The film follows Marina, a transgender woman in a relationship with someone 30 years her senior. After the death of her partner the family become suspicious and we watch her try to work through her grief through all the suspicion. This film also won at the Berlin Film festival, but was not nominated at the BAFTAs. This just shows how fought the foreign language category has become! Globes, BAFTAs and Oscars all announced a different winner! We wish this film and the Chilean film industry the best of luck in the future! Winning an award as prestigious as an Oscar can make such a difference to inspire a generation into film making.
A Special mention has to go out to Loveless- who was the only film to be nominated in all three awards ceremonies. Even though they didn’t win any of the awards, the buzz of being at all 3 will make an impact in the Russian film industry!
Best Live Action Short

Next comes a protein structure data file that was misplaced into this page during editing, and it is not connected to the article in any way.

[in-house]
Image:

I also want to mention another winner from last night’s Oscars – Best Live Action Short. The winner was The Silent Child – a British short film based on a child with hearing difficulties. This film has really shone a light on Sign Language. The story follows Libby, a four-year-old deaf child who lives a silent life, until she is taught to communicate through Sign Language but her social worker. This film shows the struggles that all deaf people have to go through until they learn sign language. We think it’s amazing that this film managed to get an Oscar, and now maybe more emphasis will be put on this very special language.
Better still, when picking up the award, writer and actress Rachel Shenton, used sign language in her acceptance speech. We see Sign Language at many events these days, but it’s very special for someone to use Sign Language at the Oscars. We’re hoping this film really makes an impact on Hollywood, but also on the wider audience who can now start to understand the struggles for young people with hearing difficulties, but better still, the triumphs these amazing individuals can achieve.
Here at Lingua Translations we understand the importance of Sign Language. It is a lesser known language, but a very important one, helping people across the world understand and be heard. We wish this film and the young actress Maisie the best of luck!